In Praise Of Simple Equipment Too Useful To Travel Without
Some time ago, I started taking specific note of items carried into the woods that I used more than would be expected. Or put another way, items that are so useful they let you carry less gear and do the same jobs. By this I don’t mean a ‘Swiss army knife’ conglomerate of a dozen tools, quite the opposite! I mean utterly simple and versatile bits of kit that may fall outside the range of de-rigueur packables. Sure, everyone already knows to bring a pot, and a good belt knife, poncho, blanket, etc. But some of the following are often overlooked.
In praise of… The Awl. You didn’t believe me when I told you I meant ‘utterly simple,’ did you? But this is one truly valuable tool when out in the bush. To get specific, I adore the awl on my Victorinox Farmer. For those unfamiliar with this model, it’s a 91mm SAK with alox scales and a most useful toolset, including; blade, saw, can opener, bottle opener/screw driver, and awl/reamer. It’s this specific type of SAK awl that’s appealing because it opens out ‘in line’ with the handle, not perpendicularly like their corkscrew. This gives a greatly increased level of control.
So to the point, what’s so useful about this? Where to begin… First, it’s absolutely perfect as a firesteel scraper. It’s got a nice, sharp-ish edge that gives off some killer sparks, but that won’t make you cry if you ding or knick it a bit. The awl even has a sharp enough tip to let you pry out that splinter, or grime out from under your nails. The edge also comes in really handy if you’re trying to fuzz up some natural tinder, like birch bark or fatwood. Got a messy package you need to open but don’t feel like gunking up your main blade? Enter the awl, a tool ready to take on the dirty jobs so you can spare your hair-popping knife edge. So you’re still not sold on it, huh? How about drilling: it just so happens that the SAK awl drills a hole that perfectly accommodates paracord! Clearly there were divine influences at the Victorinox factory when this was designed.
In praise of… Jute Twine. This is another personal favorite. I know, you’re thinking its blasphemy to recommend a type of cordage other than paracord, but just hear me out. First, and probably most importantly, this is natural cordage. So if you lose some or forget to police it when finished, it’s just going to bio-degrade. No more worrying about littering! The ‘natural’ aspect also means it’s cheap: I found a 200 foot roll of heavy duty jute for $1 at a discount store. As far as strength, obviously Army rangers aren’t going to be subbing out paracord for jute on their parachutes. But it’s nothing to laugh at; it’ll certainly secure an overnight shelter, or camp furniture, or fix a broken backpack strap. This super-lightweight material is also near-perfect tinder for your firesteel. If you need flames, just cut off a small hank and use your knife edge or awl (see?) and scrape it into a fluffy ball.
In praise of… Bandannas. A bandanna is one of the few items useful enough to become part of my every-day carry gear. It goes unnoticed in the back pocket until needed, and weighs a mere few ounces. In the bush there are a million and one uses. First, it’s a simple rag. It’s great for when you’re dripping sweat onto your shades, or if you spilled oatmeal on your favorite boots. It also makes a great pre-filter for water purification (for those of us not using fancy filters), just enough to get out the gross particulate. Though every person should carry and know how to use a suitable first aid kit, the bandanna is an excellent emergency bandage, or tourniquet if need be. Did you find some great edible mushrooms or leaves or tubers along the way? Guess what’s handy to gather them in! Need to wipe some gunk off your knife or help wash pots and pans? Yup, the bandanna again. Preferably after a cleaning, it also works well as a headband or around the neck to control sweat.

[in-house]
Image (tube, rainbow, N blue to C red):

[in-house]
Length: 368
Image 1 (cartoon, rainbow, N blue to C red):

In praise of… Contractor’s bags. I’d say most of us have seen these listed in various ‘survival kit’ lists, but if you stop to ponder, there are actually a lot of common-sense uses for these. The reason they’re specifically handy is due to the thicker plastic than most bags. If you’re in a bind, these will help waterproof a natural shelter. I don’t know about you, but when it’s pouring the rain my favorite activity is not running around gathering leaved branches to thatch my shelter. I just wanna get dry! And speaking of staying dry, a contractor’s bag makes a very decent makeshift poncho. When you accidentally fall in a creek, it’s a good place to temporarily store your wet clothes. Similarly, it’s a good place for messy pots that you don’t yet feel like cleaning. If it’s time for bed or just time to sit down and catch your breath, these bags make a nice ground cloth to keep your bum dry.
Overall, every persons needs are wholly unique. What works in the desert might not work in the Northern woods. Something I think we can all agree on, however, is that it behooves us each to concentrate on how we can distill our gear into the simplest of necessities rather than complicate our trips with a myriad of complicated, over-specialized, and cumbersome equipment. What simpler step could there be towards ‘smoothing it’ in the wilderness than lightening our load, by redefining our perceived needs? I’ve only offered a few suggestions of tools and gear that work towards that end, but I also encourage you to take a second look at your pack list next time you go out, just to make sure you aren’t carrying several items when one will do. “As you simplify your life, the laws of the universe will be simpler; solitude will not be solitude, poverty will not be poverty, nor weakness weakness.” –Henry David Thoreau.